2019A Question 08
20mL of 1% ropivacaine is inadvertently administered intravenously over 15 seconds to a 60 year old, 60kg woman. Describe the potential complications and mechanisms of these. Do not discuss treatment.
60.2% of candidates achieved a pass in this question.
To score a pass in this question candidates needed to recognise that what has occurred represents a significant overdose, that it is life threatening, to list the likely clinical symptoms, and explain their mechanisms both within the organ systems involved and within the excitable cells on which ropivacaine acts.
It was very commonly stated that the maximum safe dose was 3mg/kg and this this dose of 200mg in a 60kg woman exceeded this dose by 20mg and would therefore cause toxicity. This is a fundamental misunderstanding as this “maximum” of 3mg/kg would not apply to direct intravenous injection, which would cause the heart and CNS to be exposed within one arm-brain time to a plasma concentration of ropivacaine far beyond that required to cause life threatening side effects.
The CNS effects were generally well described but within the cardiovascular system many candidates simply stated that arrhythmias and cardiovascular collapse would occur without providing an adequate description of the full range of cardiovascular effects. The mechanism by which ropivacaine causes these several effects on the heart and circulation were poorly understood. A common deficit among the lower scoring answers was a lack of sufficient detail in regard to the molecular mechanism of toxicity of local anaesthetics.
Many candidates with an obvious appreciation of the severity of the situation did not discuss the mechanisms (including the cellular mechanism) of ropivacaine action and therefore lost marks that were likely within their grasp. Furthermore, some wasted time with discussion of treatment, which the question explicitly stated should not be discussed.
- Ropivacaine pharmacology
|Class||Amide local anaesthetic|
- Voltage-dependent Na+ channel (VDNaC)
- (Less active at VDKC, VDCaC)
- From ICF: Unionised form diffuses into axoplasm, ionised form enters active receptor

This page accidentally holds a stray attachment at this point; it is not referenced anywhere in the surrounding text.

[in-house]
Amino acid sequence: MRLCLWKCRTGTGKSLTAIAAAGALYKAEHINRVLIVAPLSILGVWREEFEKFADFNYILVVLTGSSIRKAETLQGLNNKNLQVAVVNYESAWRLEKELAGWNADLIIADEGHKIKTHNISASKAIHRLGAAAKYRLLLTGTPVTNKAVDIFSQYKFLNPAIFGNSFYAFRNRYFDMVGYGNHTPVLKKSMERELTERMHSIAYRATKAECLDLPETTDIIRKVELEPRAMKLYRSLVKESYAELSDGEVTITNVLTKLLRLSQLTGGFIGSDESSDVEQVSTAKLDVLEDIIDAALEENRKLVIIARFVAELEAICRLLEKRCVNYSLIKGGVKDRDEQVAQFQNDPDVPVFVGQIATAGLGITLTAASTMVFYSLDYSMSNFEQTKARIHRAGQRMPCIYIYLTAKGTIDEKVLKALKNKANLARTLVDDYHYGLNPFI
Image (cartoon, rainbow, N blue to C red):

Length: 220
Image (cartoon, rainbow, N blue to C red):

- From ECF: Ionised form enters active receptor (less common)
- Rate ∝ time spent in active state ∝ Rate of cycling ∝ Nerve activity
- Affinity ∝ Inactive > Resting > Activated
- ↓ Rate of cycling → No action potential propagation
- Initial: Incomplete blockade, tonic
- Repeated stimulation: Complete blockade, phasic
- No change to resting potential
- Subcut dose: 3mg.kg-1
- Plasma concentration: 4μg/mL
- CC:CNS ratio 5:1 (c.f. lignocaine 7:1); hence ‘warning shot’ is late
|Amount given||- 10mg/mL x 20mL = 200mg|
- 70mL.kg-1.min-1 x 60kg = 4200mL
- In 15 seconds: 1050mL
|Estimated plasma concentration||
- 200mg/4200mL ≈ 50μg/mL
- Way above toxic threshold of 4μg/mL
- Coma and cardiac arrest almost certain
- Rx intralipid
- Likely prolonged CPR +/- CPB; long duration of action, t1/2β 120 mins
- Inhibition of neuronal VDNaC
- Highly lipid soluble (300x procaine), easy passage across BBB
- Initial excitatory effects
- Inhibition of inhibitory interneurons
- Peri-oral tingling, tinnitus, vertigo, slurred speech, inattention, twitching, seizures
- Then inhibitory effects
- Inhibition of excitatory interneurons and others
- Coma, apnoea
- Inhibition of cardiac VDNaC (very high affinity)
- Inhibition of VDKC and VDCC (lower affinity)
- ?↓ cAMP
- Second phase: Myocardial depression, ↓ MAP
- Terminal phase: Peripheral vasodilatation, ↓↓ MAP, arrhythmia, arrest
- “As if being pulled apart” ↑ QTC, ↑ QRS duration
- Arrhythmias: Sinus bradycardia, AV block, ventricular tachyarrhythmia, asystole